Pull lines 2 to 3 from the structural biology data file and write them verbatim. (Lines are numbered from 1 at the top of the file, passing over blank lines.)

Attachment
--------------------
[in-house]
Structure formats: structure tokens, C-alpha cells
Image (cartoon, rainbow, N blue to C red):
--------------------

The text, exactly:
Structure formats: structure tokens, C-alpha cells
Image (cartoon, rainbow, N blue to C red):